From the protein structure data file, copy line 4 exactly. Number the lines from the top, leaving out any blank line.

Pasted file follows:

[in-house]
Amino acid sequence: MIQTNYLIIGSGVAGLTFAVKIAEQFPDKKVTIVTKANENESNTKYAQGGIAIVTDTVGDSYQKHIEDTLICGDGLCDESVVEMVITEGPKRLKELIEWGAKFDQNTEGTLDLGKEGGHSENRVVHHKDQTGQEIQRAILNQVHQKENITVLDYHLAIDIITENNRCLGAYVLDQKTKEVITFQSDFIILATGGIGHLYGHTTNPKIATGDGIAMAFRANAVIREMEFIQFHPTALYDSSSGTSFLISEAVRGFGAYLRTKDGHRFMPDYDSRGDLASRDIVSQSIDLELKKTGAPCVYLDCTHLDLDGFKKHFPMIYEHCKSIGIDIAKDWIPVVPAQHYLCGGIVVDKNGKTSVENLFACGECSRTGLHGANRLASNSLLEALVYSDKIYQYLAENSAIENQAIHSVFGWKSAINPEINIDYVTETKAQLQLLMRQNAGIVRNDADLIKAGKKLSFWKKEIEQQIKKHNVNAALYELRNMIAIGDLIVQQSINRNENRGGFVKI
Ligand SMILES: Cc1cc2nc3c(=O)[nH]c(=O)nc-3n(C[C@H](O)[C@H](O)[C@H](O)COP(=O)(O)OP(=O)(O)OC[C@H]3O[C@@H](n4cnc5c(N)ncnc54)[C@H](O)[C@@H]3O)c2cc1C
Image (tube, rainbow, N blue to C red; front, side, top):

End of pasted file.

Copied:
Image (tube, rainbow, N blue to C red; front, side, top):